It’s a fact that all the tissues of the human body are susceptible to degeneration, especially nerve tissue. This process is called neurodegeneration. Typical examples of neurodegenerative diseases, which currently affect Americans, are Alzheimer’s, Parkinson’s, and MS. A whole host of symptoms are related to impaired brain and nerve functioning: poor memory, cognition, attention span, learning ability and physical incompetence including tremors, or shaking, muscular stiffness or rigidity, slowness of movement & difficulty with balance. It can also slow the GI tract, causing constipation, slow stomach emptying; it can lead to a loss of smell or taste.
Conventional Western medicine looks at these diseases as having no cure, so the approach is to use drugs targeted at reducing the effects of the symptoms.
I believe that understanding the process of neurodegeneration, learning about what can contribute to the initiation & progression of the disease may mean the difference in the quality of your life.
Although many factors play a direct role in the initiation of neurodegeneration, the 2 factors which interact in the cellular level are free radicals & excitotoxins. Free radicals are unpaired electrons that can cause damage to the cells of the body and are believed to increase the progression of certain diseases. They come from smoking, pollution, poisons, fried foods, and as a by-product of normal metabolism. It’s not something that you can completely avoid. So what’s the antidote for free radicals? Antioxidants! Antioxidant rich foods reduce the damage caused by free radicals, foods such as berries, beans, artichoke, nuts, etc. Studies have also reported that dietary intake of these antioxidant substances yields better results than taking them as supplements (Zandi, et al 2004).
Excitotoxins are substances that cause cell damage and eventually cell death. Exposure to these neurotoxic agents, such as consumption of foods contaminated with aluminum, heavy metals, MSG (food additives), aspartame act as major stress factors in initiating neurodegeneration. When we think of MSG we automatically think of Chinese food but you can find MSG in canned vegetables, soups, processed meats, etc. In liquid forms these excitotoxins are much more toxic than solid forms because they are rapidly absorbed and attain high concentration in the blood. This means that many of the commercial soups, sauces, and gravies containing MSG are very dangerous to nervous system health. According to Dr. George Schwartz, toxicologist and the author of “In Bad Taste” MSG is a nerve poison.
Besides eliminating certain foods that contribute to neurodegeneration what other steps can you take to prevent this disease?
- Improve blood sugar management –identify if you have any tendencies towards either hypoglycemia or insulin resistance. Because either will decrease glucose flow to your brain and negatively impact its function.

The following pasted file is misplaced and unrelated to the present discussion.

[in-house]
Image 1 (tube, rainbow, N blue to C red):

- Stimulate your brain-engage in activities that will stimulate your brain, and challenge it. Activities such as exercise, stretching, music, art, math, learning and reading.
- Decrease inflammation-There is strong connection between the gut and the brain. Therefore, following an anti-inflammatory diet and improving gut function can have profound impacts on brain function. If you have systemic inflammation you should stay away from nightshade foods: tomatoes, potatoes, eggplant, and peppers. Check out www.noarthritis.com
- Don’t eat unfermented tofu-studies linked tofu consumption with exaggerated brain aging. Men who ate tofu at least twice weekly had more cognitive impairment, compared to those who ate moderately or never ate tofu. What’s more, higher midlife tofu consumption was also associated with low brain weight. We know that brain shrinkage accurse naturally with age, but in men that consumed more, the process has been exaggerated. To learn more about this check out The Whole Soy Story by Dr. Kaayla Daniel.
A study published in 2010 by Am J Cordiol reported a link between a diet rich in the saturated fatty acids found in coconut oil provided huge protection against oxidative stress in heart mitochondria. It is this same element that protects the brain hence having an impact on Alzheimer’s.
Findings show that coconut oil has an almost immediate effect on symptoms just after applying a single dose of 40ml to a patient. It has been established that ketones, found in coconut oil in abundance, are the magic ingredient behind this “miracle”. This is good news for those that have been hungering for ways to help ease the suffering of their loved ones. Coconut oil is not alone in providing this relief.
Additionally, studies also point to the fact that calorie restriction (reducing one’s calorific intake) by 30-50% can slow the onset of age-related conditions like neurodegeneration (Weindruch and Sohal 1997, etc). The challenge here is adherence to such a rigorous regimen, but if it offers hope then it is worth trying.